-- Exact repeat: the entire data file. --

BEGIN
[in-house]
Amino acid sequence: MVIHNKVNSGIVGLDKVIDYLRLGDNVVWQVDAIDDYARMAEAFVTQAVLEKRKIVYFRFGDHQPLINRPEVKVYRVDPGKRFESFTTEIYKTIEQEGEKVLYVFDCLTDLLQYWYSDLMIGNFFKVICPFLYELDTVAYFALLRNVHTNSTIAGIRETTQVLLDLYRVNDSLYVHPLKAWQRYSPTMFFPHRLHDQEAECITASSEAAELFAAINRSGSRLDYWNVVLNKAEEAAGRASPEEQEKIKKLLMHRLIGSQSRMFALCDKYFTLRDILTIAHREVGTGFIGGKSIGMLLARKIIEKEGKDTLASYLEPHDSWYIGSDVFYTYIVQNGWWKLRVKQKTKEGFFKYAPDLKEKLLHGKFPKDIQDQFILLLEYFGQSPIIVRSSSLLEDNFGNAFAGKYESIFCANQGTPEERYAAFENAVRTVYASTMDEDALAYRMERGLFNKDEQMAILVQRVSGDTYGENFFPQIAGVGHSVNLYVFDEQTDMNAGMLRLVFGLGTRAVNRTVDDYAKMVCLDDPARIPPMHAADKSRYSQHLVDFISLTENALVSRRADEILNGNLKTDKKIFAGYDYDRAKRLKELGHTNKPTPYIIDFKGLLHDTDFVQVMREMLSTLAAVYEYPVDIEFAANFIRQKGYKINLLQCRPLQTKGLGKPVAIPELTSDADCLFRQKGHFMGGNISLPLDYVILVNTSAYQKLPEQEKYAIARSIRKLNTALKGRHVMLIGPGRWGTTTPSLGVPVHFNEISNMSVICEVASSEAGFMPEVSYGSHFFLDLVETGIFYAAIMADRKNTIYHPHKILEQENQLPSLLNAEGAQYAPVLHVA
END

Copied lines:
[in-house]
Amino acid sequence: MVIHNKVNSGIVGLDKVIDYLRLGDNVVWQVDAIDDYARMAEAFVTQAVLEKRKIVYFRFGDHQPLINRPEVKVYRVDPGKRFESFTTEIYKTIEQEGEKVLYVFDCLTDLLQYWYSDLMIGNFFKVICPFLYELDTVAYFALLRNVHTNSTIAGIRETTQVLLDLYRVNDSLYVHPLKAWQRYSPTMFFPHRLHDQEAECITASSEAAELFAAINRSGSRLDYWNVVLNKAEEAAGRASPEEQEKIKKLLMHRLIGSQSRMFALCDKYFTLRDILTIAHREVGTGFIGGKSIGMLLARKIIEKEGKDTLASYLEPHDSWYIGSDVFYTYIVQNGWWKLRVKQKTKEGFFKYAPDLKEKLLHGKFPKDIQDQFILLLEYFGQSPIIVRSSSLLEDNFGNAFAGKYESIFCANQGTPEERYAAFENAVRTVYASTMDEDALAYRMERGLFNKDEQMAILVQRVSGDTYGENFFPQIAGVGHSVNLYVFDEQTDMNAGMLRLVFGLGTRAVNRTVDDYAKMVCLDDPARIPPMHAADKSRYSQHLVDFISLTENALVSRRADEILNGNLKTDKKIFAGYDYDRAKRLKELGHTNKPTPYIIDFKGLLHDTDFVQVMREMLSTLAAVYEYPVDIEFAANFIRQKGYKINLLQCRPLQTKGLGKPVAIPELTSDADCLFRQKGHFMGGNISLPLDYVILVNTSAYQKLPEQEKYAIARSIRKLNTALKGRHVMLIGPGRWGTTTPSLGVPVHFNEISNMSVICEVASSEAGFMPEVSYGSHFFLDLVETGIFYAAIMADRKNTIYHPHKILEQENQLPSLLNAEGAQYAPVLHVA